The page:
Jesus got up one day a little later than usual. He had been dreaming so deep there was nothing left in his head. What was it? A nightmare, dead bodies walking all around him, eyes rolled back, skin falling off. But he wasn’t afraid of that. It was a beautiful day. How ’bout some coffee? Don’t mind if I do. Take a little ride on my donkey, I love that donkey. Hell, I love everybody.

Can Judas be saved? Ruminations on his role in the drama of Redemption.

Judas Iscariot, one of the Twelve Apostles, and the one who betrayed Jesus with a kiss, has become a byword in English for a betrayer.

None of us is a stranger to betrayal.  It is a particularly painful experience because it comes at the hand of someone we trusted; someone we thought would look out for us;  someone we loved, and believed loved us.  We must consider that one of the sufferings that constitute Jesus’ passion must have been that he was betrayed by one of his close friends, a member of his inner circle.

For my Holy Week devotions this year I have been reading At The Cross:  Meditations on People Who Were There by Richard Bauckham and Trevor Hart (IVP, 1999), two fine scholars from the University of St Andrews.  I highly recommend it.

Their meditation on Judas is particularly insightful.  Although they admit that Judas’ deed was a dark one (“there is no getting Judas off the hook”), they assert the paradox that his betrayal was a necessary act:  “The structure of the Gospel plot demands it.”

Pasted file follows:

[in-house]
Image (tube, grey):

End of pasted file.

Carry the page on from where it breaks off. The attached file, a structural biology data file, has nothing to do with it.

And it is quite true that Jesus speaks repeatedly, not only that he will experience death, but that he will “be given up” to death.  So Judas is the instrument of that happening, and therefore an important player in the narrative of the passion, what I like to call “the drama of redemption.”

But though Judas plays his part in the drama, the Christian tradition has pretty consistently painted him to be an utterly despicable character. I have been ruminating on this, since it raises many questions, some of which I will leave to others to address.

But with the help of Bauckham and Hart, I have two thoughts to share about his role.

The first is Judas’ solidarity with all of humanity.   We are all, to some degree or another, betrayers.  There are the big betrayals, of course, like marital infidelity or financial shenanigans like the recent ones by Bernie Madoff.  But there are also the little daily betrayals where we break trust with those we love and care for, and in this case Judas is not so different from all of us.  His sin is different in degree and not in kind.

My second thought follows from the first, and that is whether Judas can be saved?  The Christian tradition has generally said no.  Perhaps I have fallen under the spell of Karl Barth’s alleged universalism, but I believe in a God whose mercy is so vast that there might be a place for Judas in it.